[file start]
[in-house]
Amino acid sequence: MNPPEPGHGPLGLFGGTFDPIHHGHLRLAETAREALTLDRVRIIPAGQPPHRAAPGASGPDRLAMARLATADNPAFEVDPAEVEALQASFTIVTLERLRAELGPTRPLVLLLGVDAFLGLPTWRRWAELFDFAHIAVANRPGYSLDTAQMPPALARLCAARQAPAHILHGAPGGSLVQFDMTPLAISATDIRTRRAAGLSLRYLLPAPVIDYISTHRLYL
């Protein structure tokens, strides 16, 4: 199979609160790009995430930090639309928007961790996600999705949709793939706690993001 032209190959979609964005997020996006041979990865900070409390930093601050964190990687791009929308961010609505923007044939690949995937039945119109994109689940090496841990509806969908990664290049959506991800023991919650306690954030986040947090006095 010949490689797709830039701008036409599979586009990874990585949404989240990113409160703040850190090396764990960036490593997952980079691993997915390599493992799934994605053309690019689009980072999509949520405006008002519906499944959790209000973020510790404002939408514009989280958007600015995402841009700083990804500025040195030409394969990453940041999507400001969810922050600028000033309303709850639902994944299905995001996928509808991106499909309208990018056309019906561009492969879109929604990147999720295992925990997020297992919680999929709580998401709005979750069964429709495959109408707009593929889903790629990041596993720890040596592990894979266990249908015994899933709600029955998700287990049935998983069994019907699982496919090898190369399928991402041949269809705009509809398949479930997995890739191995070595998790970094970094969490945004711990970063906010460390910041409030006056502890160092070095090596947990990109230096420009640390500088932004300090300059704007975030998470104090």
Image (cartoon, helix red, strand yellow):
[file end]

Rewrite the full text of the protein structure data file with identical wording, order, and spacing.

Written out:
[in-house]
Amino acid sequence: MNPPEPGHGPLGLFGGTFDPIHHGHLRLAETAREALTLDRVRIIPAGQPPHRAAPGASGPDRLAMARLATADNPAFEVDPAEVEALQASFTIVTLERLRAELGPTRPLVLLLGVDAFLGLPTWRRWAELFDFAHIAVANRPGYSLDTAQMPPALARLCAARQAPAHILHGAPGGSLVQFDMTPLAISATDIRTRRAAGLSLRYLLPAPVIDYISTHRLYL
């Protein structure tokens, strides 16, 4: 199979609160790009995430930090639309928007961790996600999705949709793939706690993001 032209190959979609964005997020996006041979990865900070409390930093601050964190990687791009929308961010609505923007044939690949995937039945119109994109689940090496841990509806969908990664290049959506991800023991919650306690954030986040947090006095 010949490689797709830039701008036409599979586009990874990585949404989240990113409160703040850190090396764990960036490593997952980079691993997915390599493992799934994605053309690019689009980072999509949520405006008002519906499944959790209000973020510790404002939408514009989280958007600015995402841009700083990804500025040195030409394969990453940041999507400001969810922050600028000033309303709850639902994944299905995001996928509808991106499909309208990018056309019906561009492969879109929604990147999720295992925990997020297992919680999929709580998401709005979750069964429709495959109408707009593929889903790629990041596993720890040596592990894979266990249908015994899933709600029955998700287990049935998983069994019907699982496919090898190369399928991402041949269809705009509809398949479930997995890739191995070595998790970094970094969490945004711990970063906010460390910041409030006056502890160092070095090596947990990109230096420009640390500088932004300090300059704007975030998470104090």
Image (cartoon, helix red, strand yellow):